While the issue of accommodation has been resolved, Prime Minister Dr Ralph Gonsalves says persons are seeking to undermine the Government’s ongoing negotiations with cruise lines as they prepare to repatriate hundreds of Vincentian sailors to this country.
Gonsalves was speaking on the ‘Issues at Hand’ programme on WE FM on Sunday, April 26, when he opined that persons were trying to sabotage the process.
“They are sending things to cruise lines telling them that the government must pay for this thing and those who ain’t sending, they writing it up all about so that the cruise lines are seeing, believing that people are bringing pressure on Ralph so that Ralph will cave in and just bring them willy nilly. But I wouldn’t cave in. We have to do this thing properly,” the Prime Minister said on We FM.
Last week, Gonsalves said that finding sufficient accommodation was among the issues to be dealt with in relation to the repatriation of the sailors. And on Sunday, he said that Bishen John, the CEO of St Vincent and the Grenadines Port Authority and point person for the repatriation, was able to convince local hoteliers and guesthouse owners to accommodate persons.
He further explained that hoteliers have negotiated a fee of EC$150 per night, inclusive of three meals and that this fee should be paid by cruise lines for a quarantine period of 14 days.
But Gonsalves said there were people who were saying that the Government should be the ones to cover this cost.
“Why should we take up that responsibility when the employers have a responsibility,” he questioned, noting that it would cost the government at least $2 million to pay for accommodation.
He further said that the government was in fact spending money in the repatriation process as “…the Port Authority…suggested to the people, if you bringing them by air, we will pay the transport from the airport to wherever they are going, if they going to a hotel…guest houses and the like”.
The prime minister said that there were over 1000 Vincentians to be repatriated from different cruise lines including Holland America, Disney, Carnival, Norwegian and Royal Caribbean — which has the majority of the Vincentian workers.
Gonsalves added that while the government is willing to contribute, it is unreasonable to have no information about the persons to be repatriated, other than that they are nationals.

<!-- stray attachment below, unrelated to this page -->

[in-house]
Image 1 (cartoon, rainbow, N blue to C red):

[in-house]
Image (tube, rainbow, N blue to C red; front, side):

And he said that the protocols to be followed are outlined explicitly in a document published by the COVID-19 Task Force and the Health Services Subcommittee via the Ministry of Health’s and NEMO’s Facebook pages.
He said also that these protocols are being used by John in discussions with respective cruise lines.
Gonsalves outlined the objectives of these protocols, noting that they have been put in place to establish the nationality of the returning individual , their status of exposure to COVID-19 and to establish the appropriateness of the site of quarantine.
He further outlined eight points of conditions and / or information required for the repatriation of Vincentian crew members. These conditions are:
the total number of persons to be repatriated;
the mode of arrival (air or sea);
the full name, date of birth, passport number, contact number and address in departing country;
a certificate of health issued by national health authority of the country of departure — including details of current health status, their exposure to any COVID19 positive or suspected cases, any objective screening for COVID19 — the name, the date and the facility;
address of the proposed site of 14 to 21 days of quarantine;
the contact number of person residing where the person proposes to stay in SVG or who can facilitate inspection of proposed quarantine site;
commitment of repatriating company or individual to pay for the accommodation of those persons without an appropriate quarantine site and the repatriating company to secure an alternate site approved by the ministry of Health, Wellness and the Environment.
Protocols have also been established for the disembarkment of repatriated individuals depending on their mode of arrival into St Vincent and the Grenadines.
For those arriving by air: all passengers will be screened before entering the arrival area; screening will include probing for symptoms and temperature check; persons with adequate home facilities for quarantine will be allowed to leave and persons going to government facility will be boarded on agreed transport to await departure.
And for persons arriving by sea: the vessel will berth at cruise ship terminal in Kingstown; disembarking will be in groups of 10 or more if possible; hand hygiene will be enforced; photo identification is required for all seamen and area of screening will be sanitised after each group is screened.
Gonsalves said that cruise ships indicated that they could not do PCR tests on crew members because they were not showing any signs or symptoms of the virus, which is a requirement of testing in the United States.
But he added that there were no indications that rapid testing could not be done.
The prime minister also said that rapid testing may also be a part of the screening process in the disembarking protocols, as SVG received 3000 rapid test kits from Venezuela earlier this month.